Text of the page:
Yet whatever our motivations are for answering the question, I hope that we’ll all agree to do right by the public.

I understand that it is hard for a person to give up a place that he or she has become emotionally attached to, but is that emotional attachment worth the possible loss of human lives?

The truth is that sometimes I feel safer on I-75 with all those semi-trailers and box trucks competing over the highway with me than I feel on Secor.

And the fact that I feel that way, and I have reason to think others share this feeling, should matter to the people entrusted with making the difficult but necessary policy choices for this city.

It should also matter to Secor’s residents that the majority of their fellow city residents feel this bad about something they’re so unwilling to let go.

Of course, these people are entitled to staying put and enjoying the sanctity of their properties, but so are the majority of us who care about our safety on Secor.

So back to the question of whether it is right for the majority of us to expect the residents to make these sacrifices: I say yes. Yes, not because I care less about their right to self-preservation, but because in this case, I feel the greater good justifies that request.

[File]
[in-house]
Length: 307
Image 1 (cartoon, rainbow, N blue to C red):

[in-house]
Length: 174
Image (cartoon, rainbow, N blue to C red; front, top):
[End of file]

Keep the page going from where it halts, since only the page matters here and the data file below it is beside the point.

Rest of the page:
Philemon Abayateye is a Ph.D. student in the Department of Geography and Planning and the IC’s Opinion Editor.




Sennett: “The King and the Clown”— A Review

It is rare for the University of Toledo to explore the east. The theatre season is usually booked with Shakespeare, Oscar Wilde and anything from the American Great White Way. But, this spring, we were given something unusual: a play from South Korea.